Aims: The susceptibility of CA1 over CA3 to damage from cerebral ischemia may be related to the differences in reactive oxygen species (ROS) production/removal between the two hippocampal subfields. We aimed to measure CA1/CA3 differences in net ROS production in real time in the first 30 min of reperfusion in pyramidal cells. We aimed to determine the underlying cause of the differential vulnerability of CA1 and CA3.
Results: Real-time determinations of mitochondrial H2O2 and, independently, glutathione (GSH) redox status from roGFP-based probes in individual pyramidal cells in organotypic hippocampal cultures during oxygen-glucose deprivation (OGD)-reperfusion (RP) demonstrate a significantly more oxidizing environment during RP in CA1 than CA3 mitochondria. Protein levels (immunohistochemistry and Western blots), roGFP2-based probe measurements during controlled mitochondrial production of ROS, and thioredoxin reductase (TrxR) inhibition by auranofin are consistent with a more effective mitochondrial thioredoxin (Trx) system in CA3. Inhibition of TrxR eliminates the differences in redox status and cell death between the regions. Overexpression of cytosolic Trx1 does not influence mitochondrial H2O2 production.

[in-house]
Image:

Innovation: Real-time changes of mitochondrial H2O2 and GSH in tissue cultures during early RP, and also during controlled production of superoxide and peroxide, reveal significant differences between CA1 and CA3. The mitochondrial Trx system is responsible for the observed differences during RP as well as for delayed cell death 18 h afterward.
Conclusion: Greater mitochondrial Trx efficacy in CA3 pyramidal cells results in less vulnerability to ischemia/reperfusion because of the less oxidizing environment in CA3 mitochondria during RP. Antioxid. Redox Signal. 27, 534-549.
Keywords: OGD-RP; ROS; glutathione; hippocampal pyramidal cell; mitochondria; thioredoxin.